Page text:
Within the current economic climate, reports of job losses and personal bankruptcies affecting Canadians across the country remind us of the volatile and uncertain nature of work. Rapid increases in the unemployment rate can create a sense of worry, panic, dread, and anxiety – even among people whose industries feel fairly “recession proof” (e.g., healthcare, K-12 education, career management practitioners).
A quick Internet search turns up a multitude of articles and websites about “recession-proofing your job.” However, a broader approach worth considering is “recession-proofing your career.”
As individuals, you may not have a direct influence over whether or not an employer lays off employees to enable a business to survive in this economy. However, each of you can take actions to secure your careers over the long term. Jobs may be at risk, but careers may still thrive with an increased awareness of, and openness to, other potential opportunities.
It is not enough to simply hope that the recession will not directly impact your job and result in you following the unprecedented numbers of people applying for Employment Insurance benefits. Being hopeful does not mean sitting idly by. Rather, this might be a good time to adopt the principles and practices of H.B. Gelatt’s “Positive Uncertainty” approach.
Gelatt focused on taking a proactive approach to an uncertain future; he encouraged people to use the Positive Uncertainty approach to decision-making. This means combining a positive outlook with several decision-making strategies (i.e., rational, creative, traditional, and intuitive) as a way of dealing with uncertainty. Without a doubt, there is little certainty today about what future economic conditions will be; daily news reports offer a range of possibilities. Accepting uncertainty, and adopting a positive approach to managing it, can help you thrive during challenging times.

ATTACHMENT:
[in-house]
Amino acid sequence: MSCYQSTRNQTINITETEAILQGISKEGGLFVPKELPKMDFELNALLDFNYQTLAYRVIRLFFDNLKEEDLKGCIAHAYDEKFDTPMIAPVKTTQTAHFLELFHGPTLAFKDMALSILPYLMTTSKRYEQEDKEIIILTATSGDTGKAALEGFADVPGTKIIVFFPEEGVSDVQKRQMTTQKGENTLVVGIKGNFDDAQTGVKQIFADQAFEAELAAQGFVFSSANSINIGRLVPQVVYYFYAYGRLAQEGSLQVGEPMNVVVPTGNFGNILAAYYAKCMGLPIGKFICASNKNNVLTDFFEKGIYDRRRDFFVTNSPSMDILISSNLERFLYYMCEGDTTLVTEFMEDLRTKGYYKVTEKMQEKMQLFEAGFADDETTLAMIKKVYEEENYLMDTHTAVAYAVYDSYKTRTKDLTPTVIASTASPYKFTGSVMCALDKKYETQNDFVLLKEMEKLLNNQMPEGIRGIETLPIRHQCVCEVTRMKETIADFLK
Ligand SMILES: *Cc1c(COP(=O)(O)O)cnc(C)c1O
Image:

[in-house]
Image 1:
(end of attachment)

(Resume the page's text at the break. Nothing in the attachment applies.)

Some ideas for recession-proofing your career include:
- Conduct a personal SWOT analysis; become aware of your strengths, weaknesses, opportunities, and potential threats
- Take stock of the skills in your personal toolbox
- Try to maintain a positive outlook – research has confirmed a link between optimism and both career success and job
- Continue to build your personal and professional networks
- Keep your skills current; be aware of skills most needed in the current economy
- Refresh or update your resume
- Be flexible – you may need to be willing to take on other tasks at work that you don’t normally do; if you experience job loss,
- you may need to be flexible about returning to work in a field that is not necessarily your first choice
- While most people worldwide are experiencing recessionary impacts, directly or indirectly, how you prepare for and manage potential change is within your control.
Resource: An Overview of Positive Uncertainty http://www.gelattpartners.com/positiveuncertainty.html
Republished with permission from Life Strategies
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